Neuroplasticity

“The idea that the brain can change its own structure and function through thought and activity is, I believe, the most important alteration in our view of the brain since we first sketched out its basic anatomy and the workings of its basic component, the neuron. #HealingTrauma

For four hundred years mainstream medicine and science believed that brain anatomy was fixed. The common wisdom was that after childhood the brain changed only when it began the long process of decline;

that when brain cells failed to develop properly, or were injured, or died, they could not be replaced. Nor could the brain ever alter its structure and find a new way to function if part of it was damaged.

The theory of the unchanging brain decreed that people who were born with brain or mental limitations, or who sustained brain damage, would be limited or damaged for life. Scientists who wondered if the healthy brain might be improved or preserved were told not to waste their time,

Dr Norman Doidge author of The Brain that Changed Itself: Stories of Personal Triumph from the Frontiers of Brain Science.

A neurological nihilism — a sense that treatment for many brain problems was ineffective or even unwarranted — had taken hold, and it spread through our culture, even stunting our overall view of human nature.

Since the brain could not change, human nature, which emerges from it, seemed necessarily fixed and unalterable as well. The belief that the brain could not change had three major sources:

the fact that brain-damaged patients could so rarely make full recoveries; our inability to observe the living brain’s microscopic activities; and the idea — dating back to the beginnings of modern science — that the brain is like a glorious machine.

And while machines do many extraordinary things, they don’t change and grow. When patients did not progress psychologically as much as hoped, often the conventional medical wisdom was that their problems were deeply “hardwired” into an unchangeable brain.

“Hardwiring” was another machine metaphor coming from the idea of the brain as computer hardware, with permanently connected circuits, each designed to perform a specific, unchangeable function.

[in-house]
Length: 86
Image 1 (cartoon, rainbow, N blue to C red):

A band of brilliant scientists, in the late 1960s or early 1970s, made a series of unexpected discoveries. They showed that the brain changed its very structure with each different activity it performed, perfecting its circuits so it was better suited to the task at hand.

If certain “parts” failed, then other parts could sometimes take over. The machine metaphor, of the brain as an organ with specialized parts, could not fully account for changes the scientists were seeing. They began to call this fundamental brain property “neuroplasticity.”

Neuroplasticity. #YouBelong

Neuro is for “neuron,” the nerve cells in our brains and nervous systems. Plastic is for “changeable, malleable, modifiable.” At first many of the scientists didn’t dare use the word “neuroplasticity” in their publications, and their peers belittled them for promoting a fanciful notion.

Yet they persisted, slowly overturning the doctrine of the unchanging brain. They showed that children are not always stuck with the mental abilities they are born with; that the damaged brain can often reorganize itself so that when one part fails, another can often substitute;

that if brain cells die, they can at times be replaced; many “circuits”/even basic reflexes that we think are hardwired are not; thinking, learning, acting can turn our genes on/off, shaping brain anatomy and behavior — one of the most extraordinary discoveries of the twentieth century.

Like all revolutions, this one will have profound effects. The neuroplastic revolution has implications for, among other things, our understanding of how love, sex, grief, relationships, learning, addictions, culture, technology, and psychotherapies change our brains.

Sadhguru, Indian Yogi and founder of Isha Yoga Centre, Tamil, India.

All of these disciplines will have to come to terms with the fact of the self-changing brain and with the realization that the architecture of the brain differs from one person to the next and that it changes in the course of our individual lives.

While the human brain has apparently underestimated itself, neuroplasticity isn’t all good news; it renders our brains not only more resourceful but also more vulnerable to outside influences.

Marcelo Alegre Rubic teaching free
Filipino Martial Arts, Las Piñas, Philippines.

Neuroplasticity has the power to produce more flexible but also more rigid behaviors — “the plastic paradox.” Ironically, some of our most stubborn habits and disorders are products of our plasticity.